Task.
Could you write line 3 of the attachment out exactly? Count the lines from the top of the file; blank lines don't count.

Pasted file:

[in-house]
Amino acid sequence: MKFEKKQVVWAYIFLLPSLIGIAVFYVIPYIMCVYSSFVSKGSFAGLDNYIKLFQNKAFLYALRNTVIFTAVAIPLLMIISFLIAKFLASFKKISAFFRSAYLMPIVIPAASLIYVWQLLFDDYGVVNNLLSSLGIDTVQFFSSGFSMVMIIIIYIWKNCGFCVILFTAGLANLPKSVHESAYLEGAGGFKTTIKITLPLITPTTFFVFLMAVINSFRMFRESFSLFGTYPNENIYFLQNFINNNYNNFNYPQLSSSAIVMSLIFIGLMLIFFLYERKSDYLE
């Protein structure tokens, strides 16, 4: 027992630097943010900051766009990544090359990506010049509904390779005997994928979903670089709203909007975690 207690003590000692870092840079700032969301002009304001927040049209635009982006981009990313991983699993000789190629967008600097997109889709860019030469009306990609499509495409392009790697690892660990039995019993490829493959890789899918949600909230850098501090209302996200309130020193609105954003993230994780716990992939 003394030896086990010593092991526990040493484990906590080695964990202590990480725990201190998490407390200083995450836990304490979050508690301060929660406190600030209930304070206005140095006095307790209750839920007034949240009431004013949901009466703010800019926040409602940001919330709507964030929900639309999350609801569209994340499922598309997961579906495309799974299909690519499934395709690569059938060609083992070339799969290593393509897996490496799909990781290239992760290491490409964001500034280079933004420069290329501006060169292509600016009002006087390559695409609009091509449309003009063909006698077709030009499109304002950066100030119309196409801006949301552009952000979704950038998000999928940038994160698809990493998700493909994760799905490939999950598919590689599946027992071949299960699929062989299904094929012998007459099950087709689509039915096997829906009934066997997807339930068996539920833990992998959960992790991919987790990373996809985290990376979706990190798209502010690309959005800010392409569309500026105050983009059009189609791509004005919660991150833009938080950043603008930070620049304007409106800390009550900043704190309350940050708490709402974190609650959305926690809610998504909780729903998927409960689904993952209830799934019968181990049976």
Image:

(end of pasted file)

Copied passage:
């Protein structure tokens, strides 16, 4: 027992630097943010900051766009990544090359990506010049509904390779005997994928979903670089709203909007975690 207690003590000692870092840079700032969301002009304001927040049209635009982006981009990313991983699993000789190629967008600097997109889709860019030469009306990609499509495409392009790697690892660990039995019993490829493959890789899918949600909230850098501090209302996200309130020193609105954003993230994780716990992939 003394030896086990010593092991526990040493484990906590080695964990202590990480725990201190998490407390200083995450836990304490979050508690301060929660406190600030209930304070206005140095006095307790209750839920007034949240009431004013949901009466703010800019926040409602940001919330709507964030929900639309999350609801569209994340499922598309997961579906495309799974299909690519499934395709690569059938060609083992070339799969290593393509897996490496799909990781290239992760290491490409964001500034280079933004420069290329501006060169292509600016009002006087390559695409609009091509449309003009063909006698077709030009499109304002950066100030119309196409801006949301552009952000979704950038998000999928940038994160698809990493998700493909994760799905490939999950598919590689599946027992071949299960699929062989299904094929012998007459099950087709689509039915096997829906009934066997997807339930068996539920833990992998959960992790991919987790990373996809985290990376979706990190798209502010690309959005800010392409569309500026105050983009059009189609791509004005919660991150833009938080950043603008930070620049304007409106800390009550900043704190309350940050708490709402974190609650959305926690809610998504909780729903998927409960689904993952209830799934019968181990049976």